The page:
As criticism of the military’s handling of sexual assault heats up, PFC Liberty Stryker, a novel by Peggy Tibbetts, tells the story of one female soldier’s struggle with sexual assault and victimization during the Iraq War.
Nineteen-year old Libby Stryker is plucked from her unit and dragged across Iraq on a secret mission without explanation. “What military women expect is to be treated like soldiers. Not like pieces of meat,” Tibbetts said. For PFC Liberty Stryker, sexual assault is not only part of her initiation into the Army, it is a never-ending battle for the young soldier.
Just as the Audience Award winner for best documentary at Sundance 2012, The Invisible War exposes the pervasive and insidious cover-up of sexual assault in all branches of the military, Tibbetts said her research on women in the Army revealed the same pattern. “I didn’t set out to expose sexual assault of female soldiers in my book,” Tibbetts said. “But my research showed me that’s it is hideous reality for too many women who serve. Women make up 14 percent of the Army ranks, but they account for 95 percent of all sex crime victims. I couldn’t ignore the facts.”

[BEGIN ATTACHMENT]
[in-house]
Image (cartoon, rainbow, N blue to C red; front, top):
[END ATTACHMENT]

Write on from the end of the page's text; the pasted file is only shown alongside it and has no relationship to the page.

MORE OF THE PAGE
While teens are the target audience, Tibbetts believes her book appeals to all readers who enjoy a story of adventure and espionage in the war zone.